As Ann Taylor emerges from its midlife crisis, the 58-year-old women's clothing chain is counting on a makeover to pull it out of the doldrums.
Parent Ann Inc. has a plan to replace its aging fleet of large Ann Taylor stores with smaller, more contemporary outposts that make women feel as if they have walked into their dream closet. Like many retailers these days, Ann wants to boost profits by selling the same amount of merchandise in less-expensive spaces decorated to make shoppers feel at home.
The New York-based retailer last week introduced its prototype format to Chicago, opening a slimmed-down store that is half the size of its former Magnificent Mile flagship just a few steps away. Since unveiling the first prototype in 2010 in Atlanta, the chain has rolled out 52 such stores nationwide, out of about 280 full-price Ann Taylor stores.
"They had this vision of an Ann Taylor working career woman that wasn't in step with American working women," said Candace Corlett, president of WSL Strategic Retail, a consumer shopping behavior research firm in New York. "It was boring basics in an era when people want to mix it up and accessorize."
Anne Elwell is the kind of shopper Ann Taylor wants to win over.
The 42-year-old working mother of two bypassed the women's clothing store for almost a decade as the corporate culture turned casual, and Ann Taylor, maker of the quintessential interview suit, was left adrift in a sea of khaki.
But a recent trip to Ann Taylor's prototype in Durham, N.C., which opened in November, convinced Elwell that a dramatic change was under way. The store was clean, bright and modern. A row of mannequins - decked in electric blue blouses accented with orange metallic scarves - prompted Elwell to consider fashion combinations she wouldn't have thought of on her own. Shoes and handbags, instead of stacked in one bay, were sprinkled throughout the store near the skirts and tops they complemented.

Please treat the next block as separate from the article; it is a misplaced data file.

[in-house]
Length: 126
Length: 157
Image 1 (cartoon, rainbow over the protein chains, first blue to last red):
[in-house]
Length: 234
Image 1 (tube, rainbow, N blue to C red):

"Their stuff has gotten cuter," said Elwell, a real estate agent living in Winston-Salem, N.C. "It (is) less about the two-piece matching suit (and) more mix and match stuff. I have two little girls at home that I need to get ready for school each morning, so I don't have a lot of time for myself. I feel like a lot of their solutions are easy to throw on, and I know it's going to look good."
The so-called new-concept stores have shown promising early results.
The reformatted, smaller stores are ringing up more sales and generating more profit from a 30 percent to 40 percent smaller footprint, said Kay Krill, president and CEO of Ann Inc., in an earnings conference call in November.
Krill also said during the call that the company is "excited about the longer term opportunity to maximize sales and profitability across the chain as we continue to roll out the new format over the next few years."
Meanwhile, the Ann Taylor division is still struggling to find its fashion footing.
Three years ago the company brought in former Club Monaco and Gap executive Lisa Axelson as head of design to give Ann Taylor a new look. She got rid of the boring beige jackets and livened up the collections, creating asymmetrical jackets with a bit of stretch and wearable jersey wrap dresses.